The latest Consulting Engineers SA (Cesa) biannual economic and capacity survey said the sentiment fell significantly to reach a record low net satisfaction rate of just 27percent in June.
It said large firms were by far the least confident with only 15.4percent confidence compared with 69.1percent for medium-sized firms, 57.9percent for small firms and 57.8percent for micro firms.
“People are clearly very worried about the overall outlook for the construction industry in general and the economy,” the report said.
However, the report said firms believed the lowest point in the cycle had been reached, with overall confidence levels improving to 47.1 percent for the six months to December this year and to 45.6 percent for the six months to June next year.
Fee earnings in the first six months of this year decreased 10percent compared with the last six months of last year. The report said this was “quite a massive drop in such a short space of time” and followed a 2percent increase in the last six months of last year, but earnings were expected to increase marginally in the second half of this year.
It added that 71.6 percent of firms were not satisfied with profit margins, compared with 61.2percent in the previous survey, with only 3.9percent of firms reporting their margins as good, 24.2percent were satisfied with their margins and no firms reporting that their margins were exceptional.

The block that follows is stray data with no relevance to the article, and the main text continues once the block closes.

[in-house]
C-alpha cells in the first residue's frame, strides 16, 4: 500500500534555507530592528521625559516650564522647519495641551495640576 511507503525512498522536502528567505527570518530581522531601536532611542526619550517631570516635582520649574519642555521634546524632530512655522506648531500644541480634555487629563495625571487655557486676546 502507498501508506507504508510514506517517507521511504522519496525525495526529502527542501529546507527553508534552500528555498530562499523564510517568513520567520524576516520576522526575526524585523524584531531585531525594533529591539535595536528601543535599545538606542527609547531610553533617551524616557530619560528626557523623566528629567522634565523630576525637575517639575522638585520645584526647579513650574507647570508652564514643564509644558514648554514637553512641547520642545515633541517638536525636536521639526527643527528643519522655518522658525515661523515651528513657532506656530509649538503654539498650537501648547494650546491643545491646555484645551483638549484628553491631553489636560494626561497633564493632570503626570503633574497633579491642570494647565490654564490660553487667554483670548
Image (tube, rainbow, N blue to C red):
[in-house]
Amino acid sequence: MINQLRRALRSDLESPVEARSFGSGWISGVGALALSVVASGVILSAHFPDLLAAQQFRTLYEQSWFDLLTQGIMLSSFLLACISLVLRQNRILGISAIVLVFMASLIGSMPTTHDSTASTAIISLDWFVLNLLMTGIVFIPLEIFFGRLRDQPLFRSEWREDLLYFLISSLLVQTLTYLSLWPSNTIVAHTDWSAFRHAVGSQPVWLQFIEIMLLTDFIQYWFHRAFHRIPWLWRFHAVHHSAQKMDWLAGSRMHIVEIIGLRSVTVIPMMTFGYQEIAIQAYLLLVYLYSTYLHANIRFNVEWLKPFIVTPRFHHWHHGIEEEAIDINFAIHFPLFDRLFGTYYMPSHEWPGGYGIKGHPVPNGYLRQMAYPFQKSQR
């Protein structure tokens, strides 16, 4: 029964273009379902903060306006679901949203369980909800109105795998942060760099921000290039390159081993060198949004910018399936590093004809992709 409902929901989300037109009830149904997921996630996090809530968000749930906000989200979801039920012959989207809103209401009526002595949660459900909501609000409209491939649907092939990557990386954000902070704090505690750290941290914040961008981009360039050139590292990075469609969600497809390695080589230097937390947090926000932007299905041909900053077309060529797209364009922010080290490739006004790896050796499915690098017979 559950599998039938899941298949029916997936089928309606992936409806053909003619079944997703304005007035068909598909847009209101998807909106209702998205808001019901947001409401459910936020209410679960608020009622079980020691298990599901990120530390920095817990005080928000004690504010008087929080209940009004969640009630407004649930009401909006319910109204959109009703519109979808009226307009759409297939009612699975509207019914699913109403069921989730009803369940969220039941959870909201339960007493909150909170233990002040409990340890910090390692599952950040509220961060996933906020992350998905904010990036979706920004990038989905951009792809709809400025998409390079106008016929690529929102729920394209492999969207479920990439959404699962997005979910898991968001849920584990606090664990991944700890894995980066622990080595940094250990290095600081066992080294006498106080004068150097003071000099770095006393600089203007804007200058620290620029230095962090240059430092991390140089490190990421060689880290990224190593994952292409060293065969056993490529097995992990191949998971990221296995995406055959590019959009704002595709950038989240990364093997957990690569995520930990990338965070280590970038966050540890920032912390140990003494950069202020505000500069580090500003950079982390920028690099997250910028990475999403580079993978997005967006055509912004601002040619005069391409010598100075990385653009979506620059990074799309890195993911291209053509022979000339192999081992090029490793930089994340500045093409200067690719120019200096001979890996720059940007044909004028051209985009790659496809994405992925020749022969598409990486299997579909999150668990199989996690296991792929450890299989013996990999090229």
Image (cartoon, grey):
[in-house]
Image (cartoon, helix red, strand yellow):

Firms reported that 38.8percent of their overall income was still outstanding. Contributions to fee earnings by the private sector increased to 46percent, which was slightly above the two- and five-year average.
The contribution to fee earnings by provincial fell to 11percent from 17percent in December last year and that of local government to 12percent from 18percent. The report said the contribution to fee earnings by state-owned enterprises (SOEs) slumped to 5percent from 15percent.
“This is quite a stark decline and makes sense with very slow roll-out of projects reported from the SOEs. We also speculate that with the radical changes at the executive level, this is stalling projects,” it said.
The report said the public sector was generally regarded as the most important client to the industry and, despite the reduced contribution by the public sector in the past six months, stressed that the role of the public sector remained critical to the engineering professions.
It said fraud and corruption were affecting the ethos of the country’s society, with a lot of talk and little action accompanying the growing evidence of corruption.
“Cesa is aware that members are under pressure from contractors and corrupt officials to certify payment for work not completed. This is regarded as an extremely serious matter for Cesa,” it said.